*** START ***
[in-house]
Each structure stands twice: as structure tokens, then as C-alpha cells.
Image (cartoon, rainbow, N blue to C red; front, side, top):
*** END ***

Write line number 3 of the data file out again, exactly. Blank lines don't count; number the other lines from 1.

Image (cartoon, rainbow, N blue to C red; front, side, top):